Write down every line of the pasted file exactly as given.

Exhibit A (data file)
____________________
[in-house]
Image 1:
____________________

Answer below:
[in-house]
Image 1: